Sometime back in 2014 I decided we’d spend the next few summers at IDC walking through the Pentateuch. It’s impossible to understand the rest of Scripture from the first five books. Also, because they are largely narratives, we wouldn’t need to spend years upon years getting through them.

So, last summer we journeyed through Genesis, largely shaping each sermon around a particular character or patriarch. June 2016 came around, and we began Exodus. The plan was to finish up chapter 40 at the end of September. But God’s Spirit gave me a hitch about that scheme, a hitch that asked, “Why not preach a “series within a series” on the 10 Commandments?”

I may never again preach through Exodus. Did I want to miss out on the opportunity to think carefully about one of the Old Testament’s most important sections?

An Oddly Compelling People

As we lead our little congregation, there are a few things we want to be true about IDC (a praying, disciple-making, welcoming, and singing church). Should God allow these few things to flourish in our lives, we believe a kind of congregational life will arise. You could call this corporate life as being mere faithfulness. But we like to think of it as oddly compelling. We find Scripture instructing God’s people to love the Lord in such a way that the world thinks us odd. But odd need to be off-putting. It seems to us that the biblical view of “odd” is quite compelling. “People will see your good works and glorify your Father in heaven,” Jesus said. Faithful churches are strange to the culture—strangely attractive.

What best summarizes the church’s oddly compelling lifestyle? Those “Ten Words” once written on stone tablets, now written on human hearts.

Recovering a Forgotten Friend

I could be my personal experience, but a special study of the 10 Commandments seems to have disappeared from evangelicalism. The saints of old would give us a good talking to about this. For what were the ordinary tools of catechesis the church used throughout the centuries? The Apostle’s Creed, the Lord’s Prayer, and . . . yep . . . the 10 Commandments.

I have many theories on why gospel-preaching churches no longer hold the Stone Tablets’ hands. The fundamental reason surely is the widespread neglect of the Old Testament in most churches. We’ve so rightly divided Scripture that we assume the Old Testament belongs not only to a different age but different people. But even if you’re theologically convinced the Commandments belong to a former age, you can’t deny that they are still instructive—in some way—today (Rom. 15:4; 1 Cor. 10:6, 11).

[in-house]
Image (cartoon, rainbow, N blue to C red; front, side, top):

At least that’s what we believe at IDC. So, Lord willing, on September 11th we will stare at those stony scratches Moses made.

7 Useful Resources

I’m thankful there is a cottage industry of resources on the 10 Commandments. But cottages tend to get crowded. Best friends can thus be hard to find. Here then are some of the most helpful resources I’ve found in my study (with publishers’ description included).

1596380365mHow Jesus Transforms the Ten Commandments by Edmund Clowney. For many Christians, conditioned to emphasize our freedom from the law, Jesus’ words seem strange, even incompatible with the gospel of grace. If Jesus did not abolish the law, then how should we look at the Ten Commandments today?

Clowney explains how Jesus intensifies the law and expands its scope to every situation in life. But as the author did so often during his ministry, he goes further, finding Christ in the law and showing how he fulfills it for his people. Thus believers will learn more, not only of God’s character revealed in the law, but also of the gospel with its focus on Christ.

Divided into eleven chapters, each with study questions for reflection and application, this book is an ideal resource for group study and personal growth.

0875522378mTen Commandments: Manual for the Christian Life by Joachim Douma. The Ten Commandments provide “the fundamental pointers we need for our concourse with God and our neighbors,” writes Professor J. Douma in this work. As the subtitle indicates, the Ten Commandments are a manual for the Christian life, relevant to all thought and experience.

In this commentary on the commandments, Douma tackles the difficult yet practical issues of our time with insight, thoroughness, and faithfulness to God’s word. Discussions of the commandments span current issues from religious art to sorcery and witchcraft, from Sunday observance to civil disobedience, from abortion to euthanasia and suicide.

Because the commandments speak to every area of life, this volume lends itself to a wide range of uses. Pastors, professors, counselors, and thoughtful laypeople will gain much wisdom and direction from this careful, up-to-date exposition of the Ten Commandments.